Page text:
Should the schools be returned to local control, or are you okay with the status quo as far as the SRC and state control?
I'm less concerned about the control and I'm more concerned about getting a fair funding formula. So I would be willing to look at different models but my main concern is that Harrisburg has to step up and provide fair funding to all schools in Pennsylvania and to Philadelphia.
Switching topics: You are a female candidate in a time when people have lamented the shortage of female candidates and office-holders on the statewide level. Does your gender matter and should it?
I honestly don't know if my gender matters. So I would just say that I'm, you know, I' m running for mayor because I want to make Philadelphia a city that works well for everyone, men and women, and that's really why I'm running.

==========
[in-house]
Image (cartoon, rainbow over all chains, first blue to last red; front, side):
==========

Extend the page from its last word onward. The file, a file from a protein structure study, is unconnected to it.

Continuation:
You worked for both Ed Rendell and Michael Nutter: They're men with very different public personas and different approaches to their jobs. What have you learned from each about what kind of mayor you'd like to be?
I think mayors can do maybe three or four really big things. I think each of them were successful doing different things. I think, what I've learned is that hiring the right people and creating a strategic vision is key to being a successful leader and a successful mayor.
I worked for Mayor Rendell a little longer than I worked for Mayor Nutter because I also worked for Mayor Rendell when he was governor. And I think one of his signature achievements was focusing on the city's economy and turning the economic fundamentals around. And so I think that's something that I'm going to focus on a lot as mayor so that's probably a similarity that I have with Mayor Rendell. Mayor Nutter was successful in cleaning up City Hall and bringing ethics back to the city and that's also something that I will focus on as mayor. So I've learned from both of them.
Follow @JoelMMathis on Twitter.